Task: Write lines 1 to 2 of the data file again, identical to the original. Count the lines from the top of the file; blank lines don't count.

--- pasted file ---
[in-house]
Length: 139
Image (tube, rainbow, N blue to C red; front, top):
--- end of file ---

[in-house]
Length: 139